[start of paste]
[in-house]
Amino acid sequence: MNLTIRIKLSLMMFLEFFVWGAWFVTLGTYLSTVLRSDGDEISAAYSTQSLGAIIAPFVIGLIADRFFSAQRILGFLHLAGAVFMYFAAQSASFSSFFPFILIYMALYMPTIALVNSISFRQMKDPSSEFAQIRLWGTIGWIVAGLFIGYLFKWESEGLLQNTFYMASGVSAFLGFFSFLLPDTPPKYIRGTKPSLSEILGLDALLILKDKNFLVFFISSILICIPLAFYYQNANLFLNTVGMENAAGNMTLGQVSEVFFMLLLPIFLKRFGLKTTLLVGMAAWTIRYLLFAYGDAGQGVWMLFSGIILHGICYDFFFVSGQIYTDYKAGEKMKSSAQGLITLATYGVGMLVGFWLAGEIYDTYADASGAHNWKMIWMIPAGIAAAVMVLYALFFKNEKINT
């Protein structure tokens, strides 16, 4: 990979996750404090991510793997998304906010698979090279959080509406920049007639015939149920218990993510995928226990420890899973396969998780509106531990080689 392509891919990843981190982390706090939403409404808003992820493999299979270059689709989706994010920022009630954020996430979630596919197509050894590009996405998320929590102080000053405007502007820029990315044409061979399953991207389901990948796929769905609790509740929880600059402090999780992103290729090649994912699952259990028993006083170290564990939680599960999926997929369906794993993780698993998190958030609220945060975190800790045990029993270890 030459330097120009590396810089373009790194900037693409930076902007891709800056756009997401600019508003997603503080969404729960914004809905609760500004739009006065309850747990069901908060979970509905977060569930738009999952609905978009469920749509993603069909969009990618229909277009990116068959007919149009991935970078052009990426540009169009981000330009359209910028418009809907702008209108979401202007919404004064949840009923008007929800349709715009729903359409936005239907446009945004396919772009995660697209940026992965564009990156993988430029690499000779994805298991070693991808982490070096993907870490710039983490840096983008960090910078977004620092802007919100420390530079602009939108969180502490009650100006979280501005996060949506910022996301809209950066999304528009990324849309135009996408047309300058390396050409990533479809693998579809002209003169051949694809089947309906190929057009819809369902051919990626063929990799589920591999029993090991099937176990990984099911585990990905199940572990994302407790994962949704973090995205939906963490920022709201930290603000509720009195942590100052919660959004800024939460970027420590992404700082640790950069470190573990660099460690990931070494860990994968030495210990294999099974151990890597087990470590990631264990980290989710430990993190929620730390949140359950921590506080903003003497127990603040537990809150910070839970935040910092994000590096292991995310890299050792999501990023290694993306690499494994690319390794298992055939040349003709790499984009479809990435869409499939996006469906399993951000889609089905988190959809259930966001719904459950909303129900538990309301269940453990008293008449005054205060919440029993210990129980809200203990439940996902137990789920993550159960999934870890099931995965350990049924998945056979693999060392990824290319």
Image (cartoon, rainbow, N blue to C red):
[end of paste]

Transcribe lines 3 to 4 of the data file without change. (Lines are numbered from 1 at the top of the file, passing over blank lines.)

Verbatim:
């Protein structure tokens, strides 16, 4: 990979996750404090991510793997998304906010698979090279959080509406920049007639015939149920218990993510995928226990420890899973396969998780509106531990080689 392509891919990843981190982390706090939403409404808003992820493999299979270059689709989706994010920022009630954020996430979630596919197509050894590009996405998320929590102080000053405007502007820029990315044409061979399953991207389901990948796929769905609790509740929880600059402090999780992103290729090649994912699952259990028993006083170290564990939680599960999926997929369906794993993780698993998190958030609220945060975190800790045990029993270890 030459330097120009590396810089373009790194900037693409930076902007891709800056756009997401600019508003997603503080969404729960914004809905609760500004739009006065309850747990069901908060979970509905977060569930738009999952609905978009469920749509993603069909969009990618229909277009990116068959007919149009991935970078052009990426540009169009981000330009359209910028418009809907702008209108979401202007919404004064949840009923008007929800349709715009729903359409936005239907446009945004396919772009995660697209940026992965564009990156993988430029690499000779994805298991070693991808982490070096993907870490710039983490840096983008960090910078977004620092802007919100420390530079602009939108969180502490009650100006979280501005996060949506910022996301809209950066999304528009990324849309135009996408047309300058390396050409990533479809693998579809002209003169051949694809089947309906190929057009819809369902051919990626063929990799589920591999029993090991099937176990990984099911585990990905199940572990994302407790994962949704973090995205939906963490920022709201930290603000509720009195942590100052919660959004800024939460970027420590992404700082640790950069470190573990660099460690990931070494860990994968030495210990294999099974151990890597087990470590990631264990980290989710430990993190929620730390949140359950921590506080903003003497127990603040537990809150910070839970935040910092994000590096292991995310890299050792999501990023290694993306690499494994690319390794298992055939040349003709790499984009479809990435869409499939996006469906399993951000889609089905988190959809259930966001719904459950909303129900538990309301269940453990008293008449005054205060919440029993210990129980809200203990439940996902137990789920993550159960999934870890099931995965350990049924998945056979693999060392990824290319």
Image (cartoon, rainbow, N blue to C red):